Ben Roethlisberger set a franchise record Sunday throwing 503 yards against the Green Bay Packers. It took a final drive right out of last year’s Super Bowl to give Pittsburgh the 37-36 victory.
It was amazing.
The Steelers tried every which way to get back to winning football games before they went back to an old favorite, the drive that delivered them a victory in Super Bowl XLIII.
With their coach admitting in so many words and deeds he had lost all faith in his defense to stop the Green Bay Packers, the offense drove 86 yards on 12 plays and squeezed every last second of the clock to do so to deliver a 37-36 victory at Heinz Field.
This time it was not Santonio Holmes toe-tapping in the right side of the end zone for the winner, but rookie Mike Wallace catching a 19-yard pass with both toes barely in bounds with no time left. That tied the score, Jeff Reed’s kick won it and, while it did not deliver another Lombardi Trophy, it put a five-game losing streak out of their misery.
“We’re not dead yet,” Steelers coach Mike Tomlin declared. “We have a little pulse here.”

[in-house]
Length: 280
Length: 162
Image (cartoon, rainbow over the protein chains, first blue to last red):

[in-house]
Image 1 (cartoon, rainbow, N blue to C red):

Indeed, the Steelers cling precariously to contention for a wild-card playoff berth with a 7-7 record, but the reality of their chances can hold for another day. That they put their finger in the dike that was near dissolution was reason alone for them to celebrate last night.
“I think we went through a whole range of emotions [last night],” linebacker James Farrior said.
The fourth quarter alone featured four touchdowns and two field goals in the kind of fastbreak game rarely seen in Heinz Field. In fact, a lot that occurred yesterday rarely had been seen at all in Pittsburgh.
Roethlisberger’s 503 yards passing set a franchise record and he became the third quarterback in NFL history to top 500 yards with three touchdowns and no interceptions. Hines Ward had 126 yards and Heath Miller 118, both on seven catches.
It had been weeks since I felt the urge to pick up a Terrible Towel, but last night I clutched it like a security blanket during the Steelers’ last drive. The final touchdown pass, with no time left on the clock, was a piece of art.